In the past few months, my eyes have been opened to the value and absolute necessity of mistakes.
I started to see mistakes in a whole new light when I read a blog post related to knitting. Basically, the author talked about how she learned so much about herself through the craft of knitting, including that it is a skill, and like any skill, it takes time and practice to be good at it. She also admitted that in the past, she’d been guilty of assuming knitting was a simple craft, and as such, it should be easy to master.
But you see, it took her own struggle with learning how to knit and making the mistakes that come with learning any new skill to understand the value of learning something.
In reading the post, I realized I had been guilty of two things: fear and cheating.
Because I was afraid to make a mistake, I was cheating myself out of learning a skill I find useful and really want to know. I bought a kit to teach myself to crochet almost two years ago, but I was unable to finish anything. Mainly because I never started.
I’d start making a row and then I’d get dissatisfied with the variation in tension, or I’d make a mistake, so I’d rip my loops out and put my hooks and yarn away. I was so afraid of crocheting a scarf and seeing uneven rows, uneven tension and other mistakes that I’d never made a single thing.
I’d missed out on learning a whole new worthwhile skill because I was afraid…of what exactly? That the crochet critics would come to my house in droves with the intent to inspect my first project and point and laugh? How foolish I’d been. If I’d just shrugged off the mistakes the first time and kept going, eventually, I’d gotten better. Instead, I spent a year and a half not knowing how to crochet and thinking I’d probably never learn it, because I was no good at keeping control of the hooks and having even tension in my rows.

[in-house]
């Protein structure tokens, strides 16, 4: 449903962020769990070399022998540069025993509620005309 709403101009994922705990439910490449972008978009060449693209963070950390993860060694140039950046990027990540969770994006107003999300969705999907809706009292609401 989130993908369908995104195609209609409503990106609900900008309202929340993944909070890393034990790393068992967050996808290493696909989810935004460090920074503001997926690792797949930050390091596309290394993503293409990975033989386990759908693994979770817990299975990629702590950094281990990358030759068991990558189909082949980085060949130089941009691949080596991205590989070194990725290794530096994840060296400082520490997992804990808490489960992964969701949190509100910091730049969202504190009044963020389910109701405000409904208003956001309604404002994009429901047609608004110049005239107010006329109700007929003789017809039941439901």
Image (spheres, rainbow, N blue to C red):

So after I read the blog post about knitting and realized my ignorance, I began to wonder, what else was I missing out on?
In the months since I read that post, I’ve taken the “a-ha moment” I had about missing out on learning how to crochet and have applied those thoughts to my writing.
The first thing I did was to change my address. My blogging address, that is. I knew I wanted to start blogging about writing, but didn’t know if I could make myself start doing it.
I wrote a lot of safe posts on my other blog because I was afraid of expanding my voice. My old blog had decent traffic (around 1,500 hits each month) and I feared losing readers if I changed my tone or my topics.
Finally, after two months of debating, I just took a leap and started this blog. I knew I’d be starting over, but figured if people found me before, they’d find me again.
I wish I could say that was the only mistake I feared making.
I have also spent a lot of time worrying about how to write my third book. I’m not even sure why I’m worried or what mistake I’m afraid of making.
My work in progress focuses on the themes of downsizing and living a simple life, a subject I know more than a little about. I left Corporate America in order to pursue writing almost six months ago and before that, my husband and I spent four years whittling down our debt (about $40,000 at its peak) in order to live simpler, less stressful lives.